But because unwelcome questions and counterarguments to liberal silliness are like garlic to a vampire, the second dominant reaction to the puzzlement at the apology has been, predictably, scorn and accusations of hatefulness. Witness:
We may have missed it, but none of the comments expressing puzzlement at Rea’s apology seemed hateful or narrow-minded. These, on the other hand:
Not to be outdone by his liberal peers (paragons of the virtues of tolerance, diversity, and inclusiveness as they are), University of Nebraska graduate Clayton Littlejohnson (aka “Littlejohn” for short) posted a piece on his blog titled “A Response to Dick Swinburne.” Apparently, anyone who has conservative moral views, including the vast majority of Muslims (we won’t hold our breaths waiting for him to insult them directly), is a dick, according to Littlejohnson. It’s clear from these examples and many, many more that many philosophers loathe their conservative colleagues merely because they are conservatives.
The prefabricated outrage over Swinburne’s views raises some questions of a more speculative nature. Specifically, was this a set-up? After all, Swinburne’s view that homosexuality is a disorder that should be prevented and cured where possible is well known, having been published over a decade ago in his book Revelation (OUP, 2nd ed. 2007). His view has been criticized in the scholarly literature. For example, in language eerily similar but equally nonsensical as Hackett’s hack job, McLean writes, “Swinburne’s ‘revelation’ (as a discursive practice) participates in non-discursive apparatuses of power and domination over women and LGBTQ communities. Thus, in the end, this neo-conservative philosophical discourse on ‘revelation’ employs the illusion of truth to extend itself as power over those who have been customarily marginalized by traditional forms of Christianity.” Similar reviews could be multiplied with ease.
Now, given the fact that Swinburne’s view is well-known, and given the fact that leftist philosophers have already published virtue-signaling reviews of Swinburne’s book for close to a decade, why did the SCP invite him to give a talk on the topic if they thought his comments could be damaging, harmful, cruel, hurtful, or hateful to members of the LGBTQRSTUVWXYZ community? One could understand them doing so if they had given a ‘trigger warning’ before hand. But they didn’t. On the contrary, they let him come and present his well-known views that have already been the subject of dozens of responses—responses that surely Christiana van Dyke, the Executive Director of the SCP, was familiar with, given that the reviews of Swinburne involve van Dyke’s bailiwick. Then, after the conference, Rea and van Dyke, seemingly like wide-eyed innocent children caught completely off-guard, issued ‘apologies’ for what transpired, sparking uproar on the various philosophy gossip blogs and garnering the SCP elites a huge spotlight.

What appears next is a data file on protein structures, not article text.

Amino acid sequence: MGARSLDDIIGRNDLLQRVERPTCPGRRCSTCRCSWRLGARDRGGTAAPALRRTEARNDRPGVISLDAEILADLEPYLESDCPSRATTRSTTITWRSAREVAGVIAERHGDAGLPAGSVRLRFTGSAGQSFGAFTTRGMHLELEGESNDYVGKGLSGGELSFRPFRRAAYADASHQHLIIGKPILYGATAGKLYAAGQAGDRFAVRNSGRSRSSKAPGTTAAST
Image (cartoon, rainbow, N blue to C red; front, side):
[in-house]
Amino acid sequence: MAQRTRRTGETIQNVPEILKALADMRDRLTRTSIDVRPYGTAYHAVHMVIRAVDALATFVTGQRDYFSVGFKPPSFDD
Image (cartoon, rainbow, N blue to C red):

This is like inviting William Lane Craig to give a talk on arguments for God’s existence, then, after he gives a talk on the Kalam Cosmological Argument, the organizers feign outrage and pretend to be surprised by the content of his talk. They then issue an apology to Muslims who were offended at Craig’s cultural appropriation. One does not need a tinfoil hat to suspect a set-up. If there’s a better way to obtain a huge audience in front of which to virtue-signal, one would be hard-pressed to find it. So, was Swinburne the unwitting dupe of a leftist conspiracy to shame an elderly, white, male conservative Christian philosopher? That these questions can’t be easily brushed to the side is itself an indictment of academia’s leftist hegemony.
- Trigger Warning: Trigger Warnings and Safe Spaces are Dumb - September 1, 2016
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- The Left Injects Its Poison Into Everything Else, So Why Not Sports? - October 19, 2016
- Jason Stanley’s Response to Rightly Considered - October 6, 2016
- Did Swinburne get Swindled? - September 26, 2016
- The Pedagogy Paradox for Conservative Professors - December 6, 2016
- The Girls Who Cry Wolf - November 29, 2016
- What the Electoral College and the Free Will Defense Have in Common - November 16, 2016
- How to Thrive in Philosophy as a Woman - November 14, 2016
- Craig and the “Lesser of Two Evils” Argument for Voting Trump - November 7, 2016
- Why the Alt-Right is Ult-Wrong - October 29, 2016
- Mannesplaining Family Annihilators - October 25, 2016
- What is Metaphysics, and Why Do Feminists Care? - October 16, 2016
- For the Record… - October 9, 2016
- Something Stinks in the Philosophy Blogosphere - September 30, 2016